The goal of treatment is to return the patient to the desired level of physical activity without residual pain. In athletes, an additional demand is that the recovery time should be as short as possible.[v] In the book Primary Care: A Collaborative Practice (by Terry Mahan Buttaro), management of Achilles tendinitis is summarised as follows:

Treatment of the acute phase begins with the cessation of all sports activities and exercises. Tendon rest is imperative to avoid further injury. In severe tendinitis, crutches and partial weight-bearing are indicated. NSAIDs and an ice massage for 20 minutes, three to four times a day, helps decrease inflammation and pain. A simple shoe insert that raises the heel approximately 2 cm also helps ease strain on the tendon.

In more severe cases, ultrasound therapy as an adjunct therapy is used. Regular follow-up visits to assess progress and to discourage the patient from returning to activity prematurely are necessary. Resolution of acute tendinitis can take 8 weeks or longer. A program of stretching and strengthening begins when pain and swelling have subsided. Many patients can recover with exercise alone.

Some tips for faster recovery are:

  • Rest
  • Stop any activity that causes pain
  • Do alternative low-impact exercises such as swimming, biking etc.
  • Walk or run on soft surfaces
  • Wear proper shoes
  • Use a brace, cast or heel lifts.

Only when the pain does not get better after 6 months of conservative treatment, can surgery be considered.  Three kinds of surgical interventions are possible:

  • Increasing the length of the calf, known as gastrocnemius recession, to give flexibility to the tendon.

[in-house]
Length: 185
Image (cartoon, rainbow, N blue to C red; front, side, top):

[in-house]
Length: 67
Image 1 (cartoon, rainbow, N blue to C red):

• Removing the damaged part of the tendon and repairing the rest with stitches and sutures. This is done when damage is less than 50%.
  • When the damage to tendon is greater than 50%, transfer of Achilles tendon is performed.

Recovery from surgery depends on the extent of tendon damage. Greater the damage, longer will be the recovery time. Sometimes when the damage is severe, the athletes may not be able to make a satisfactory comeback to sports. Physical therapy and a good rehabilitation strategy are very important for the complete recovery of patients. Achilles tendinitis is a slow healing, frustrating and recurrent problem. Patients with this condition need support during rehabilitation and should be educated about proper care.


Sandy Fritz. Sports and Exercise Massage: Comprehensive care in athletics, fitness and rehabilitation. Elsevier Health Sciences. 2012.

Ankle. Achilles Tendinitis: Prevention and Treatment. Peak Performance. 2002.
[i]Alfredson H, Lorentzon R. Chronic Achilles tendinosis. Recommendations for treatment and prevention. Sports Medicine 2000; 29(2):135–146.
[ii]Myerson 1999 Myerson MS, McGarvey W. Disorders of the Achilles tendon and Achilles tendinitis. AAOS Instructional Course Lectures 1999; 48: 211–218.
[iii] Terry Mahan Buttrao. Primary Care: A Collaborative Practice. Elsevier Health Sciences, 2013.
[iv]Renstrom 1994 Renstrom AFH. An introduction to chronic overuse injuries. In: Harris M, Williams C, Stanish WD, Micheli LJ editor(s). Oxford Textbook of Sports Medicine. New York: Oxford University Press, 1994:531–45.
[v] Mika Paavola; Pekka Kannus; Tero Jarvinen; Karim Khan; Laszlo Jozsa and Markku Jarvinen. Current Concepts Review – Achilles Tendinopathy. The Journal of Bone and Joint Surgery. 2002.

(Dr. Rohan Habbu is an Orthopedic Hand, Nerve & upper Extremity Surgeon. He has done Fellowship in Arthroscopy & Sports Surgery and is an avid runner. To know more, reach out to him on or +91 982017 13941)